How Cyber Risk Economics Can Help Agency Heads Meet New Accountability Standards

January 10, 2019  Chris Bryant

The Impending Executive Order (EO)
If you operate in cyber, you’d be hard pressed to miss recent revelations regarding the President’s  new EO on cybersecurity.

Once signed, the EO will ask senior leaders across the federal landscape to understand and report smartly on cybersecurity risks their agencies face. Not only that, but also for explicit recommendations to mitigate threats and more effectively manage risk. Another key distinction is the Office of Management and Budget Director and the Secretary of Homeland Security will be tasked to lead an effort in assessing enterprise risk across the entire federal government.

Increased Accountability
The new order calls for an uncompromising level of senior leadership accountability across a wide berth of federal agencies. Agencies must take their strategy, assessment, and management of cyber risk to new heights, with top brass leading from the front. Here’s a few key points direct from the EO draft: “(c) Risk Management. 

  • (i)   Agency Heads will be held accountable by the President for implementing risk management measures commensurate with the risk and magnitude of the harm that would result from unauthorized access, use, disclosure, disruption, modification, or destruction of information or systems. 
  • (ii)   Each Agency Head shall provide a risk management report to the Director of the Office of Management and Budget (OMB) and the Secretary of Homeland Security within 90 days of the date of this order describing the agency’s implementation of the Framework.
  • (ii)  The risk management report shall document at a minimum the mitigation and acceptance choices made by each Agency Head." 

The Dilemma: Meeting the Mandate While Reducing Costs
The President says he seeks agencies to emulate the private sector in how they manage, mitigate, and communicate risk across their enterprise; even mentioning private sector is “way ahead”. At  RiskLens, we’ve seen a growing push by Fortune companies to transition from a mere technical compliance approach to cybersecurity to a risk-driven approach, that takes into account the consequences of cyber events. The President is also calling for modernization of the federal executive branch IT. Bottom line, federal entities will have to start thinking like their enterprise counterparts. How can agency heads meet these requirements for improving their risk posture, while meeting renewed compliance obligations to the NIST CSF and budget reduction objectives?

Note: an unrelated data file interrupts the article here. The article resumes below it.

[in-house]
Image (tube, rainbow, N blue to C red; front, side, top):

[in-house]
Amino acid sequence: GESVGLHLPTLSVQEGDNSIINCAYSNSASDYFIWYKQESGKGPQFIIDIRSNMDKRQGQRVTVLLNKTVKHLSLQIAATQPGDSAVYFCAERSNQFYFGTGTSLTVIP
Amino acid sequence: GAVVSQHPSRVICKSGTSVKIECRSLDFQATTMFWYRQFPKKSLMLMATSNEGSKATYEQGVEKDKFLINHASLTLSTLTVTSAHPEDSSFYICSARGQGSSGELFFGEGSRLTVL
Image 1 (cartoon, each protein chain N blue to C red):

Leveraging Cyber Risk Economics
Many commercial organizations faced the same dilemma and turned to RiskLens'  cyber risk quantification platform to:

  • Identify their top risks in financial terms.
  • Prioritize their risk mitigations based on business/mission impact.
  • Conduct cost/benefits analysis of their cybersecurity initiatives.

RiskLens is purpose-built on FAIR, the only standard quantitative model for cybersecurity risk. FAIR has been recognized by NIST as a complementary quantitative analysis standard to the NIST CSF. While NIST CSF helps answer the question "what is the level of maturity of our cybersecurity initiatives?", FAIR helps answer the questions of "how much risk do we have? What activities matter the most and should be prioritized?". FAIR has also been recognized by US Federal Banking Regulators (Federal Reserve, OCC, FDIC) as a valid method to rigorously and consistently quantify cyber risk.

Cyber Risk Quantification in Action in Government
In a recent address to members of the FAIR Institute, John Carlin, chair of the global risk and crisis management practice at Morrison & Foerster and formerly in charge of the cyber security division at the US Department of Justice, spoke about a transformative experience that cyber risk quantification brought about to government organizations.

He described how a reactive law-enforcement organization, whose mission was to hold perpetrators of terrorist acts accountable, transformed itself into an intelligence agency whose responsibility was to see where acts of terror might occur and prevent them from happening. In that process, they had to figure out how to garner support from their oversight committees and justify the need to re-allocate resources to certain operations. That led to a project to quantify risk.

They discovered lots of value in helping field officers who were not risk professionals respond to questions in a structured fashion about what the risk was in their domain. But most importantly, he concludes, "based on my experience, it is not even the resulting number that matters the most. It's the conversation it engenders, that allows a board, a decision-making committee, to think in a very structured frame about what the risk is, so that the business side of the house can support you in identifying where resources need to go and how many you need."

At RiskLens, a company founded and operated by veterans, national security is very important to us. We’re excited to see the federal space taking these steps and look forward in partnering with federal leaders to meet this new mandate.